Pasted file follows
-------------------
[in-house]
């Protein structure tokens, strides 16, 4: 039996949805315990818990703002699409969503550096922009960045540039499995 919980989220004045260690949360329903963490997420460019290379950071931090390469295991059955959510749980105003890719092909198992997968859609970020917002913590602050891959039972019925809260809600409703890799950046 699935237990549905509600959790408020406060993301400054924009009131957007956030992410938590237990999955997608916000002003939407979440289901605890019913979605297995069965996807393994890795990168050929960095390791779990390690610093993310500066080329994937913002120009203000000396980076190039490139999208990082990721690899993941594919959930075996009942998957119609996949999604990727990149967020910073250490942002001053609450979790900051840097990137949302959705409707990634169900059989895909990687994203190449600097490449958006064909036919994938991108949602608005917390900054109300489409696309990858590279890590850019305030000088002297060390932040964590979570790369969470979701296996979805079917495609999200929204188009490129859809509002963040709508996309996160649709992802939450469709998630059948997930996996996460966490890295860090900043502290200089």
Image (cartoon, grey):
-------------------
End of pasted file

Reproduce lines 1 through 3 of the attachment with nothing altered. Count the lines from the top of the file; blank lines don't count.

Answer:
[in-house]
């Protein structure tokens, strides 16, 4: 039996949805315990818990703002699409969503550096922009960045540039499995 919980989220004045260690949360329903963490997420460019290379950071931090390469295991059955959510749980105003890719092909198992997968859609970020917002913590602050891959039972019925809260809600409703890799950046 699935237990549905509600959790408020406060993301400054924009009131957007956030992410938590237990999955997608916000002003939407979440289901605890019913979605297995069965996807393994890795990168050929960095390791779990390690610093993310500066080329994937913002120009203000000396980076190039490139999208990082990721690899993941594919959930075996009942998957119609996949999604990727990149967020910073250490942002001053609450979790900051840097990137949302959705409707990634169900059989895909990687994203190449600097490449958006064909036919994938991108949602608005917390900054109300489409696309990858590279890590850019305030000088002297060390932040964590979570790369969470979701296996979805079917495609999200929204188009490129859809509002963040709508996309996160649709992802939450469709998630059948997930996996996460966490890295860090900043502290200089």
Image (cartoon, grey):